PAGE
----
Taxing Identity: Theory and Evidence from Early Islam

Mohamed Saleh, and Jean Tirole


A ruler who does not identify with a social group, whether on religious, ethnic, cultural or socioeconomic grounds, is confronted with a trade-off between taking advantage of the out-group population’s eagerness to maintain its identity and inducing it to “comply” (conversion, quit, exodus or any other way of accommodating the ruler’s own identity). This paper first nests economists’ extraction model, in which rulers are revenue-maximizers, within a more general identity-based model, in which rulers care also about inducing people to lose their identity, both in a static and an evolving environment. The paper then constructs novel data sources to test the implications of both models in the context of Egypt’s conversion to Islam between 641 and 1170. The evidence comes in support of the identity-based model.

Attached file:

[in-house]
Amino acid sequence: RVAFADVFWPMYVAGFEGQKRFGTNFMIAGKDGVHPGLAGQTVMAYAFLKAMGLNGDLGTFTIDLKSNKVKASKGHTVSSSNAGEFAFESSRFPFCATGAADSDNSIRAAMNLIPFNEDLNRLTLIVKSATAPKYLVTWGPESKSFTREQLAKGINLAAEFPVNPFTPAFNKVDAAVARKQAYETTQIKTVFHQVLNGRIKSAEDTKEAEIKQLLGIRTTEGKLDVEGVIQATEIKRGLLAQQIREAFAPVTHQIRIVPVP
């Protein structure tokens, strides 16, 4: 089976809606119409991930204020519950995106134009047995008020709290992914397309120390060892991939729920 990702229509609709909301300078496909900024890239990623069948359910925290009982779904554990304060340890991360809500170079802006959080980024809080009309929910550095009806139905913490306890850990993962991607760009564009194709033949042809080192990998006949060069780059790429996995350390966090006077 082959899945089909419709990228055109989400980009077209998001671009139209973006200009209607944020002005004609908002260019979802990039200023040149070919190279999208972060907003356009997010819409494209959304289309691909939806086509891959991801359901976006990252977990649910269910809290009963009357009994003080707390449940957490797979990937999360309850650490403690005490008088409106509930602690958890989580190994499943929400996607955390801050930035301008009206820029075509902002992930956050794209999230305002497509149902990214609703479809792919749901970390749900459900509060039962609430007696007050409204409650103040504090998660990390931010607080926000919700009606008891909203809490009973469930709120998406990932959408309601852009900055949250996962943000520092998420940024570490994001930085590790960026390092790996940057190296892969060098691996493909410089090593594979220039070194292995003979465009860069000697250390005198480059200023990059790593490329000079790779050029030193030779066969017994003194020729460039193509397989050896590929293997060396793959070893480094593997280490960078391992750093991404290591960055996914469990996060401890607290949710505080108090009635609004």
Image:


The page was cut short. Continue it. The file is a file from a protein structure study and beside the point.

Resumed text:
Islam; poll tax; identity taxation; Laffer curve; legitimacy;

JEL codes

  • D82: Asymmetric and Private Information • Mechanism Design
  • H2: Taxation, Subsidies, and Revenue
  • N45: Asia including Middle East
  • Z12: Religion



Mohamed Saleh, and Jean Tirole, Taxing Identity: Theory and Evidence from Early Islam, Econometrica, vol. 89, n. 4, March 2021, pp. 1881–1919.

Published in

Econometrica, vol. 89, n. 4, March 2021, pp. 1881–1919